The company introduced a new eight-ounce beer bottle labeled “Fritzie” in 1946, inspired by heinzelmännchen, the house gnomes of German folklore. By 1952, Fritzie had evolved into a cartoon beer bottle with a rotund face and Tyrolean hat that was famously featured in different humorous scenes painted on the exterior walls of several Milwaukee taverns. Moreover, the company became an important pioneer in television advertising in Milwaukee, sponsoring televised wrestling matches in 1947, and World Series pre-game shows in 1949.
Gettelman Brewing also made major investments in modernizing and expanding their operations in the 1950s. They entered the Chicago, Boston, California, and other regional and national markets as they briefly opened in the wake of industry consolidation. Gettelman released a new, lighter “Milwaukee” brand beer in 1956, and began importing and distributing Tucher beer from Nuremburg, Germany in 1959—the first American brewer to establish such a relationship.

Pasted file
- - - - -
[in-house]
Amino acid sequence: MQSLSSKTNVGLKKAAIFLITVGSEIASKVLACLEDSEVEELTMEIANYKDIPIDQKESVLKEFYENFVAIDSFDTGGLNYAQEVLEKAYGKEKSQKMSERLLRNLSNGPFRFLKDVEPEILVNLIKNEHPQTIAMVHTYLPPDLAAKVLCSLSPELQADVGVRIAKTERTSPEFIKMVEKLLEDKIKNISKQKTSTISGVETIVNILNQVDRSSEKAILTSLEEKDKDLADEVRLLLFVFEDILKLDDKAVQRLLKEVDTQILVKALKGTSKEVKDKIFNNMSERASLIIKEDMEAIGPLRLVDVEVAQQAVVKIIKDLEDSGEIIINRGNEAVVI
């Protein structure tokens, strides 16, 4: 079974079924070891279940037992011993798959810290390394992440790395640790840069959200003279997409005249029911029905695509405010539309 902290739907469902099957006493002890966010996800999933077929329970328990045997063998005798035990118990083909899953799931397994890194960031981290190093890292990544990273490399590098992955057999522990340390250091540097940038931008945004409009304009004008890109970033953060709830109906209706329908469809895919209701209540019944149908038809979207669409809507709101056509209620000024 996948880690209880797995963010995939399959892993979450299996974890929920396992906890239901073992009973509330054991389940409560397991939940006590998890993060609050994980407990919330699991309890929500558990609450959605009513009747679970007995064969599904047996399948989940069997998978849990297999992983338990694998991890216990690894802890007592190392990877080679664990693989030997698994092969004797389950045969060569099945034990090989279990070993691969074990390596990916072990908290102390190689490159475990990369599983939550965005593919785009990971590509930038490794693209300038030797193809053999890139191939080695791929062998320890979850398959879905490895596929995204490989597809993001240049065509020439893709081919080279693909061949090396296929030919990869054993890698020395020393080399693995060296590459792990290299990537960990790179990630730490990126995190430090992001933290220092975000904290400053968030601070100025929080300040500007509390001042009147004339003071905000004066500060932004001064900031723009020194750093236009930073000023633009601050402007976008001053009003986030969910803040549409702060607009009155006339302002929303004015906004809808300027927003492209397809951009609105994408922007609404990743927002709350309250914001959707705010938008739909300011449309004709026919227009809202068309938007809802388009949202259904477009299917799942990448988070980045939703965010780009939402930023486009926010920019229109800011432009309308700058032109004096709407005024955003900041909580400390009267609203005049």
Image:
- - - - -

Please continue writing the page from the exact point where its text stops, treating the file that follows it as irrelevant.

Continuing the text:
Nevertheless, the company was unable to continue competing with the national giants, and the Gettelman family sold the brewery to the neighboring Miller Brewing Company in 1961. The Gettelman plant and brand continued on with brothers Tom Gettelman and Frederick Gettelman, Jr. as plant managers until Miller formally merged the two operations in 1971.
Elements of the Gettelman brewery remain part of the Miller Brewing Company complex, and its Milwaukee’s Best brand lives on in Miller’s portfolio.
And this is from “A Century of Brewing, 1854-1954: The A. Gettelman Brewing Company,” a company brochure from 1954: